Saturday 9 November 2013

Breadth, And Talking To Your Neighbour, Matters More Than IT.

There are occasions in every teacher’s career when a pupil say something in their lesson which takes them aback. The clearest such memory for me was the pupil who asked, 20 minutes into a lesson about what makes people successful, ‘Sir, if you don’t mind my asking, but how are you defining success?’ The answer to his question (and it was a ‘him’) made for a better lesson than the one I had planned, and the digression prompted by the intelligence and independence of that question was a fabulous one for learning – both mine and the pupils’.

I was put in mind of that when reading the excellent paper by James Heckman, Professor of Economics at The University of Chicago, writing not about economics, but about education. (

What struck me about this paper was not that it break s new ground, but rather that it re-states what many boarding schools – state and private – and some other (private) providers have known for a long time. The provision of excellent non-intellectual skills in the formative years is as important as the development of intellectual – or cognitive – skills.

At the school at which I work, there is a complete consensus on this idea: it is not enough that we enable pupils to do well in exams, though we do do this, and well. In addition to this, it is essential that we provide young people with the capability to gain promotion, not just the qualifications that will gain them a job.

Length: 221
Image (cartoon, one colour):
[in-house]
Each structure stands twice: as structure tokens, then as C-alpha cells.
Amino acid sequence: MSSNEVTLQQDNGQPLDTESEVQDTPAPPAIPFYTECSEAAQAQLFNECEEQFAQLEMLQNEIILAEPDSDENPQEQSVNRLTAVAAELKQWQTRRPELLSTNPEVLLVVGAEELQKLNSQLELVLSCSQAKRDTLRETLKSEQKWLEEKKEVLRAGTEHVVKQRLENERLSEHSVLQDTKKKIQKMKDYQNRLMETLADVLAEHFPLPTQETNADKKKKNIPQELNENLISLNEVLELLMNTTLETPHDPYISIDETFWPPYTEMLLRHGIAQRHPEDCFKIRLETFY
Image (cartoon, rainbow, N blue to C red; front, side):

The breadth of educational provision at private schools in the UK, of course, is not part of the analysis of those schools by the OECD, and PISA does not value that part of the curriculum, except insofar as it enables pupils to do better cognitively (which it does). Non-cognitive – or character – development, makes a tremendous difference to the prospects of young people, and this development does not have to take place only in the home, as Prof Heckman’s paper hints. Rather it can be – should be – part of the core provision of schools.

One further thought on this: the last decade has witnessed an extraordinary investment in IT in schools. The idea that greater levels of IT investment would generate better learning was so widely assumed that it has rarely been questioned. However, one of the consequences of this investment is that young people are spending more and more time within the curriculum staring at a screen, and – of course – they are definitely doing this outside the curriculum too. What they are doing less of is talking, in groups, with a purpose. There is the world of difference between a conversational drift, and the sort of verbal exchange that demands a conclusion, particularly under time pressure.

I am a huge neophile: I love my tablet, and gadgets thrill me. IT has a strong role to play in education, and there are many things we should use it for. But Prof Heckman’s paper reminds us not only that schools have a strong responsibility to develop non-cognitive skills, but also to recognise the development of relational skills, and to see them practised in the classroom.